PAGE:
Saturday, September 21, 2002

Where's the Money?

I continue to be baffled by this. Today in the New York Times Abby Goodnough reports on the amount of money that school teachers must spend to stock their own classrooms with basic supplies.

Ms. Fiske, a second-grade teacher at Public School 195 in the Soundview section of the Bronx, has still spent about $4,000 of her own money on books and supplies for her classroom, including $400 in the last few weeks. In other words, Ms. Fiske has funneled roughly 5 percent of her total earnings from her new career back into a school system that has long scrimped on everything from writing paper to paper towels. She is among legions of public school teachers around the country who dig deep into their own pockets to pay for the ever-larger list of supplies that schools insist they cannot afford.

Even with below average per-pupil spending of say $5,000 per student (the average is closer to 8 G's) for 25 students that equals $125,000. The teacher's salary is roughly $40,000. Yet there is no money for tissues or letters for the wall. Capital costs are not paid for with per-pupil spending, textbooks are expensive, and administrative costs may be high--but still, where is this money? What happens to the per-pupil funding that is not buying textbooks or paying for the teachers' salaries?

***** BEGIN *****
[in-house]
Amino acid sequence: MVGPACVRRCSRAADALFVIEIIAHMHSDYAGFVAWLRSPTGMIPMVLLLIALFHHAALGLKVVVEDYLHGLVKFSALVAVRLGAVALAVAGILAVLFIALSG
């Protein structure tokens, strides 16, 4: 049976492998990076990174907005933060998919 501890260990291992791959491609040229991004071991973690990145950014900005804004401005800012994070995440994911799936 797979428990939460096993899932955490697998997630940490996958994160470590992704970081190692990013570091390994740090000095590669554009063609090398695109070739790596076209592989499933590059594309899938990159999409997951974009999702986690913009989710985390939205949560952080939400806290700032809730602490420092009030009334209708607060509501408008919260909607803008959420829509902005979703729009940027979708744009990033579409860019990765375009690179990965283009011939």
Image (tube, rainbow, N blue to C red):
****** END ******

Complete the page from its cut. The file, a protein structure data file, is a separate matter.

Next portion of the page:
I've seen several articles like the NYT piece. What gets me is that no one ever questions why there is no money for supplies. Doesn't it ever occur to reporters to inquire why school districts do not have enough money for Kleenex and why teachers must share one copy machine and put in requests for copies weeks in advance. The productivity crisis in education isn't just about achievement.

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